Numpy just assumes that you want to do broadcasting here, so it just starts adding stuff to your numpy array.

In [1]: import numpy as np
In [2]: a = np.array([1,2,3])
In [3]: sum(a,a)
Out[3]: array([7, 8, 9])
In [4]: ?sum
Signature: sum(iterable, /, start=0)
Docstring:
Return the sum of a 'start' value (default: 0) plus an iterable of numbers
When the iterable is empty, return the start value.
This function is intended specifically for use with numeric values and may
reject non-numeric types.
Type: builtin_function_or_method
In [5]: a + 1 + 2 + 3
Out[5]: array([7, 8, 9])
In [6]: a + sum(a)
Out[6]: array([7, 8, 9])

Thatâs not correctness issues. In a in b in Numpy means what any(a .== b) means in Julia. Itâs a bad definition to be sure, but not really a correctness problem.

In [2]: np.array([1,2,3]) == np.array([1,2])
ValueError: operands could not be broadcast together with shapes (3,) (2,)
In [3]: np.array([1,2,3]) == np.array([2])
Out[3]: array([False, True, False])
In [12]: np.array([1,2,3]) in np.array([2])
Out[12]: True

@jling That behaviour is completely consistent. Remember that in NumPy, a == b is the same as Juliaâs a .== b, and a in b is the same as Juliaâs any(a .== b).

So, we get the exact same behaviour in Julia:

julia> [1,2,3] .== [1, 2]
ERROR: DimensionMismatch: arrays could not be broadcast to a common size; got a dimension with lengths 3 and 2
[ ... ]
julia> [1,2,3] .== [2]
3-element BitVector:
0
1
0
julia> any([1,2,3] .== [2])
true

Yeah, this is what I call âimplicitâ broadcasting â dimensions that happen to have length one also âextrude outâ (or repeat) to match other arguments exactly like missing dimensions do. I like this visualization.

It would be a pity if we couldnât do matrix .* vec, but had resort to padding vec with repeat, like Matlab in the bad old days (Matlab too broadcasts singleton dimensions these days, and I think numpy as well. In my mind, this is what âbroadcastingâ means.)

I think part of this confusion stems from the fact that actually scalars donât fit the view of âextruding dimensions of size 1â. In that sense I have no problem accepting that [1,2,3] .+ [1] works and more the fact that [1,2,3] .+ 1also works.
However noone wants to wrap scalars in brackets and I think this problem is actually at least part of the reason that numbers are iterable in Julia because that means 5 also behaves as a container 5[1] == 5 and then broadcasting stays logically consistent.

In my view itâs the other way around: Numbers, Refs and 0-dimensional arrays are the ones that are behaving completely unobjectionably. They all have ndims(x) == 0 and axes(x) = (). The âproperâ way to index them is with x[]; x[1] is a convenience. They fit the view of âexpanding missing dimensionsâ. Data that has missing dimensions (or dimensions that are statically-enforced to be 1, like a transposed vectorâs first dimension) will never unexpectedly change how it broadcasts. You might get caught out, however, if your matrix suddenly only has one row on some nth iteration.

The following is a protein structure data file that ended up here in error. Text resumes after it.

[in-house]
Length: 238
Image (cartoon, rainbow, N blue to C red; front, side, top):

There are several ways to do broadcasting or extending operations across arrays:

Like Numpy or Julia with the following rules:

i. Dimensions are matched from the front (Julia column-major) or back (Python row-major) and missing dimensions are filled:

rand(2, 3) .+ 1 # zero-dimensional, i.e., always matches
rand(2, 3) .+ [1, 2] # one-dimensional and matching first dim

ii. Dimensions with single elements are expanded. This is particularly handy when used together with aggregations which donât remove dimensions, e.g.,

X = rand(2, 3, 4)
sum(X; dims = 2) |> size
X ./ sum(X; dims = 2)

For consistency, this also implies that [1, 2, 3] .+ [4] works the same way.

Like APL or J with the following rules:

i. Each operation has a rank which specifies at which dimension of values it acts on, e.g., +, * all have rank zero and act on elements whereas aggregations such as +/ (sum) has infinite rank and acts on whole arrays by inserting + between its sub-arrays sliced along the first dimension (giving a result of lower dimension):

X =. i. 2 3 4 NB. index array of size 2 x 3 x 4
$ X NB. $ means size
2 3 4
$ +/ X NB. sum collapses first dimension
3 4

ii. When an operation has a lower rank than the array its applied to, the array is sliced into sub-arrays â starting from the front and expanding missing dimensions â until the rank of the operation is reached:

X + 1 2 # Works as + has rank zero and first dimension matches
X * 3 # Scalar is zero-dimensional

Thus, this looks like broadcasting in Julia, but works for a different reason and one-dimensional dimensions are not expanded, e.g., X + i. 2 1 is a length error.

iii. The rank of an operation can be modified using " making it possible to aggregate across other than the first dimension and correct for collapsed dimensions:

(] %"1 +/)"2 X NB. same as X / sum(X; dims = 2)

Always using explicit and possible multiple mappings when applying scalar operations across arrays. Haskell with nested lists and map . map comes to mind or something like mapslices(v -> let s = sum(v); map(x -> x / s, v) end, X; dims = 2).
This can get quite verbose quickly and I will not expand on this here âŚ

All models are perfectly consistent with the first one being less general than the second one regarding composed operations applying at different sub-dimensions (ranks). It is probably easier to understand though and a good compromise to combat the verbosity of the third.